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Supporting Remote Communities in Scotland through Sustainable Tourism

25 years of running small group walking tours to remote rural and island communities in Scotland - 10 things  we’ve learnt!

Lesson No 1. Lunch with About Argyll Walking Holidays Small Group sizes of 1 to 18 people - minimizing our impact to the environment and maximising benefits to remote communities. 
Lesson No 2. Reusable lunch bags Less plastic please. Reusable packed lunches bags!
Lesson No 3. Water bottles And no plastic bottles. Reusable water bottles replenished from the cleanest sources!
Lesson No 4. Minibus Small groups means small vehicles which means being able to access the remotest parts of Scotland.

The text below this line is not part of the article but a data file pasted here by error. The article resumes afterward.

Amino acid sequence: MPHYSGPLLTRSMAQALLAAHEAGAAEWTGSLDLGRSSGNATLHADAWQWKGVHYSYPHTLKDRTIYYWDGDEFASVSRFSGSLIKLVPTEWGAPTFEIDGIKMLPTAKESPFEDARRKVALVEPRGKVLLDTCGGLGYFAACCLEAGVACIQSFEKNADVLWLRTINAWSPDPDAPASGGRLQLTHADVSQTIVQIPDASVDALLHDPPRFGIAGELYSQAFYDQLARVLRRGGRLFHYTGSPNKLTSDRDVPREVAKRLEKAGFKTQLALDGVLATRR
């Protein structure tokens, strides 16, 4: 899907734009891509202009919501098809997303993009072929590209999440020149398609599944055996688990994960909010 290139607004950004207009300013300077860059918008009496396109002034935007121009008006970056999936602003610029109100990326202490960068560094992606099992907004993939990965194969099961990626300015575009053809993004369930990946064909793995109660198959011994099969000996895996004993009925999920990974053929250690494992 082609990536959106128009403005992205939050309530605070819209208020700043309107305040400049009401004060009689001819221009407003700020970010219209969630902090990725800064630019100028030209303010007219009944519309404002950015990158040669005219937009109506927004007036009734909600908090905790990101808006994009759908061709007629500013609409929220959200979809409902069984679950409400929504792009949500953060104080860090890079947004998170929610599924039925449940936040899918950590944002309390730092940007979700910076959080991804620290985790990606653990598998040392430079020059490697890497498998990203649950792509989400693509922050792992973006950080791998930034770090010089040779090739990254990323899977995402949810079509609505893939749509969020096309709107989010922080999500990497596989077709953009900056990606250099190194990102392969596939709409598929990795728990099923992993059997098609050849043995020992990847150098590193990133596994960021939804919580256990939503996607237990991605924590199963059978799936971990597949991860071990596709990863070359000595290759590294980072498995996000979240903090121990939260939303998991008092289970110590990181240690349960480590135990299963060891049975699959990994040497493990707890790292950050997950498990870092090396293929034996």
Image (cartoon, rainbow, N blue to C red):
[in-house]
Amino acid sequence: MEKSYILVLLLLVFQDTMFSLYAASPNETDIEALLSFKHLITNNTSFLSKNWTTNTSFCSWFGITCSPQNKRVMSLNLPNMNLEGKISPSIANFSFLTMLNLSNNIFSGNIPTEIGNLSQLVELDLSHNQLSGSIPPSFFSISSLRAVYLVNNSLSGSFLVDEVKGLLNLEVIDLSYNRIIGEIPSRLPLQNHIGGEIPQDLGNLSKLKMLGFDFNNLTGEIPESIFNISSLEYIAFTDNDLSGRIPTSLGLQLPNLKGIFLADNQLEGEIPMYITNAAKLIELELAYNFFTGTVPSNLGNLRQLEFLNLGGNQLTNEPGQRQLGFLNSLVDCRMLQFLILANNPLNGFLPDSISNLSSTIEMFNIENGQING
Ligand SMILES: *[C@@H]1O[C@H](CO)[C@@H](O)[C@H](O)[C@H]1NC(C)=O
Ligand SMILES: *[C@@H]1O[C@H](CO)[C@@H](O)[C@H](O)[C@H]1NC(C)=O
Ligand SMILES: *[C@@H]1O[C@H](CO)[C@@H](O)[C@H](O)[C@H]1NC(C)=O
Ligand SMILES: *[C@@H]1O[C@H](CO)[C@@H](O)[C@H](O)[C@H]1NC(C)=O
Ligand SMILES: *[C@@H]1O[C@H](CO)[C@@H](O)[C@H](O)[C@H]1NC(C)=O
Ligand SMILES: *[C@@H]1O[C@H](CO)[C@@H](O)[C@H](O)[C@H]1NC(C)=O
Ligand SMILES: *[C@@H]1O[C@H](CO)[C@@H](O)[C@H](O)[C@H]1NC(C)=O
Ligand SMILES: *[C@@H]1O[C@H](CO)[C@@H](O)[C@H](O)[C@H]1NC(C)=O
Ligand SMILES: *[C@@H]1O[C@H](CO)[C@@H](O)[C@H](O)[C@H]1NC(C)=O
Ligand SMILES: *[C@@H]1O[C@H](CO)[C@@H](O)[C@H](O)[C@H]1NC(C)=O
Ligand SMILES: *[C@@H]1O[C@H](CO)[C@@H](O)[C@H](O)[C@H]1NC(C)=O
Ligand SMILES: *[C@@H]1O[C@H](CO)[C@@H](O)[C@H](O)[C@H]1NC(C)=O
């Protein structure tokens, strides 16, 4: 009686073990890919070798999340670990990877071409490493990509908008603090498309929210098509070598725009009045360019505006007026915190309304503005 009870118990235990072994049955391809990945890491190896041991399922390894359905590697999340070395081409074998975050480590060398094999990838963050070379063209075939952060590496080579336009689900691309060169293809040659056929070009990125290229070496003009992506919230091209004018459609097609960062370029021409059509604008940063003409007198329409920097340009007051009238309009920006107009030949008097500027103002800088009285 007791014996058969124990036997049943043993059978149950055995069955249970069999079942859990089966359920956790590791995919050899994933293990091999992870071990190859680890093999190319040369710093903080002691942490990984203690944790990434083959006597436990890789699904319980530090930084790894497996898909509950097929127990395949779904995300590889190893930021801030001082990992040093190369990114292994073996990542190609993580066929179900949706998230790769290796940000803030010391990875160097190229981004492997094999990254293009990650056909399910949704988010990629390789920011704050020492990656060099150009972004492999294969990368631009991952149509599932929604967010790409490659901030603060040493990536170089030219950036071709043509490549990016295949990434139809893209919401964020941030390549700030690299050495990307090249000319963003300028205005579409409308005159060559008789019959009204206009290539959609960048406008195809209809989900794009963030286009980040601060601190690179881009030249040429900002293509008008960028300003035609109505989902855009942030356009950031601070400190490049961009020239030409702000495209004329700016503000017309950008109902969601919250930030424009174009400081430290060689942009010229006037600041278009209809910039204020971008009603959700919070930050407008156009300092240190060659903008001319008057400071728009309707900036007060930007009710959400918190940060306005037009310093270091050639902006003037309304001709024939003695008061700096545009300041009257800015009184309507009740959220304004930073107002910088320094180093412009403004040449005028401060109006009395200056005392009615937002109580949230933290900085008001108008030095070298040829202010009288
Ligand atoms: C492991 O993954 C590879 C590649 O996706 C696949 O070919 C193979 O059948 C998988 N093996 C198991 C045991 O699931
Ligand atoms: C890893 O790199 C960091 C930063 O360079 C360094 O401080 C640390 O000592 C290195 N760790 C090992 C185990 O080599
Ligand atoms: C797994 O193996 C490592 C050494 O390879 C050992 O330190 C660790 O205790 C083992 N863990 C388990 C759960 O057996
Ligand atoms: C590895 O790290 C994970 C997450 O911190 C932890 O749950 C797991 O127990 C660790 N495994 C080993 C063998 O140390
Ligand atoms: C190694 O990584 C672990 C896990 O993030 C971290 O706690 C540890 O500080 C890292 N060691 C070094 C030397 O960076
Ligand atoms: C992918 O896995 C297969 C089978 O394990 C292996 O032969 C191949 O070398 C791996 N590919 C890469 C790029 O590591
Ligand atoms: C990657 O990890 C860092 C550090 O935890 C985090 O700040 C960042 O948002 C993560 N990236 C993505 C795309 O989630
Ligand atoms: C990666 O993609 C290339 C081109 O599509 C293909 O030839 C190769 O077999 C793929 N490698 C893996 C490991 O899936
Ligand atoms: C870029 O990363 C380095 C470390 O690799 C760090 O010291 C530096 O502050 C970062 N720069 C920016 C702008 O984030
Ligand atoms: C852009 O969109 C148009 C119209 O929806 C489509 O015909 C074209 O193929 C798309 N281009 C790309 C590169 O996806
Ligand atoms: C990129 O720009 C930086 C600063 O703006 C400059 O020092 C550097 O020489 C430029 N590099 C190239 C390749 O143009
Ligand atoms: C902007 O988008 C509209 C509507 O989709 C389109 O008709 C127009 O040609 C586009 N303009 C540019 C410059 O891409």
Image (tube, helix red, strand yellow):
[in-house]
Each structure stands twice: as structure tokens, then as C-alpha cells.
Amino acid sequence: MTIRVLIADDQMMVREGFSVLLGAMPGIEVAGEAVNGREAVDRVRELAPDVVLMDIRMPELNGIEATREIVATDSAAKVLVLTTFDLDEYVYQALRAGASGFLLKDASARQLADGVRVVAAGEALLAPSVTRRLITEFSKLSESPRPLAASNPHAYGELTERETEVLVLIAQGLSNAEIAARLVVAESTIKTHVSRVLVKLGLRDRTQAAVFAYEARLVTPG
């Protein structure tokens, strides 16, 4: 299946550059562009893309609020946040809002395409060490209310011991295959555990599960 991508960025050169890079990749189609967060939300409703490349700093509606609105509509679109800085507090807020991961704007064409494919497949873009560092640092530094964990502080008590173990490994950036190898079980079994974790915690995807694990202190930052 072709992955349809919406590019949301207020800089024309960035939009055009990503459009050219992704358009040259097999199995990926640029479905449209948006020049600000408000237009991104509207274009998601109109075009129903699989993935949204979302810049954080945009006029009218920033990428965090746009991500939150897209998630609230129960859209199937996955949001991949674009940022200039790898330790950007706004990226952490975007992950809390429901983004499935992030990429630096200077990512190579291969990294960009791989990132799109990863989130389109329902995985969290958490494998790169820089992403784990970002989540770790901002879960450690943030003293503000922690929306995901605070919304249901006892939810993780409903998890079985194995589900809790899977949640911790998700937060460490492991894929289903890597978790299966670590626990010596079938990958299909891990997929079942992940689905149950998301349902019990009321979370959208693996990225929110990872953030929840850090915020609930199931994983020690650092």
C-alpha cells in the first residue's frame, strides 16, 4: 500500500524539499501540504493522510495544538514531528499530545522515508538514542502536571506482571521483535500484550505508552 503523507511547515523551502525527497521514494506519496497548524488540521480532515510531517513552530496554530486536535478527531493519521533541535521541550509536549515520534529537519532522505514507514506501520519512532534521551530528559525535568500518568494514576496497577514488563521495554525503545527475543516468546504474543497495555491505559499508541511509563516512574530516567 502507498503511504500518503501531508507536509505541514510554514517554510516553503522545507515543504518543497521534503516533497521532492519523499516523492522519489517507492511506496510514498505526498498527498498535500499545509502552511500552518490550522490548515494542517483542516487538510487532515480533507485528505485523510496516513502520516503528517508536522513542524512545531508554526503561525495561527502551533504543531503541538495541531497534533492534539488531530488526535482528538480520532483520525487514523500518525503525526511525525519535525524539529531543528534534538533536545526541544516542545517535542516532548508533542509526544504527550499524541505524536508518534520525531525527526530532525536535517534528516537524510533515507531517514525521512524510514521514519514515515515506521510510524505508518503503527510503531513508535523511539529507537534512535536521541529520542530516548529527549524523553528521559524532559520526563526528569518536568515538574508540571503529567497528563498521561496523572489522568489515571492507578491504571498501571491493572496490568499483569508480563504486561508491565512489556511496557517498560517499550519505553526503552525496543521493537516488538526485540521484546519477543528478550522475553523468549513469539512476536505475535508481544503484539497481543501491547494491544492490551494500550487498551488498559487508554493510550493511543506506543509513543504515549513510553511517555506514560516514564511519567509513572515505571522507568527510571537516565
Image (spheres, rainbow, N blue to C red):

Lesson No 5. Papa Stoer ferry Sustaining 'lifeline' ferry services by visiting some of the smallest island communities in Scotland like Papa Stour (population 6).
Lesson No 6. Iona boat Dining on the islands - even if it means chartering a yacht home.
Lesson No 7. Sheep on Unst Supporting local farmers and craftspeople, buying locally made textiles, jewellery, art and enjoy locally produced food.
Lesson No 8. Gearge the grey seal, Lerwick Supporting local wildlife boat tour operators like Thule Charters. Meet George the grey seal!
Lesson No 9. Ness of Brodgar, Orkney Donations to local archaeological digs; like the Ness of Brodgar Archaeological site, sustained through annual donations and fundraising.
Lesson No 10. About Argyll private group Leave no trace; take only pictures and memories.

Sustainable tourism supported through government - Green Tourism Gold Award, the highest award possible.

Green Tourism Gold Award